The "Golden Boy" image is something he understands, but would rather shy away from. People look to him as a role model, but he cautions those who depend predominantly on him to be their source for what a model citizen looks like.

"Obviously, nobody's perfect and stuff is going to happen but I am who I am and I don't feel any extra pressure to live up to people's expectations," Curry said. "They make comments saying, 'Thank you for being a great role model.' That's a great compliment, and I get where parents are coming from when they're looking at athletes in general to find people for their kids to emulate and parents need those kinds of presence to maybe connect with their kids, but for me, the biggest thing is that can't be the benchmark. You have to have a consistent presence from family and parents based on real-life stuff, not just what they see on TV. That's how I approach my life with my kids."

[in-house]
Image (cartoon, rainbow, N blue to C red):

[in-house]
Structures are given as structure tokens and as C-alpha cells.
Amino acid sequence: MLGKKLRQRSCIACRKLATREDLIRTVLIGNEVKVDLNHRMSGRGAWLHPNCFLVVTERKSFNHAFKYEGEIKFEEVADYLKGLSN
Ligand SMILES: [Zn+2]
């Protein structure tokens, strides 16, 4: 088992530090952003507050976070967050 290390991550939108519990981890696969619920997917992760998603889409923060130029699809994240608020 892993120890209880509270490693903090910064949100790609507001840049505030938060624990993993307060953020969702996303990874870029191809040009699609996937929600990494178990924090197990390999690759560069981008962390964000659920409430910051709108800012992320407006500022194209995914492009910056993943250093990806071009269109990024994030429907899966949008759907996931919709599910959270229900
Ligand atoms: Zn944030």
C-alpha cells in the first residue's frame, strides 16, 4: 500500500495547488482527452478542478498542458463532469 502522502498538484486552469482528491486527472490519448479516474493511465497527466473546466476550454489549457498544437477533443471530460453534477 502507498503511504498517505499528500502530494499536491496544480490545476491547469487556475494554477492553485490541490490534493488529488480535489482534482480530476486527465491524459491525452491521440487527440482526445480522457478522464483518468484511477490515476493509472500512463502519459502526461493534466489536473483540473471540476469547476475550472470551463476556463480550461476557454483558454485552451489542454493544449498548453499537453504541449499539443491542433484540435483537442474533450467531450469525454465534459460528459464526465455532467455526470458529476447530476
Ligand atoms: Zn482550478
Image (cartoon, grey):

Prior to taking the court before every game, the Warriors gather around in the tunnel leading to the arena bowl. Some players are stretching, some are jumping up and down, some are talking and others just standing around waiting for the pregame huddle to commence.

Slowly but surely the players begin forming a circle with Durant taking center stage. He begins performing a unique dance in which his arms are tucked to his side and his legs separate and converge in a motion similar to jumping jacks. He starts off fast, then slows down. And to finish the routine, he takes a step forward in rhythm.

That's when Curry takes control of the huddle.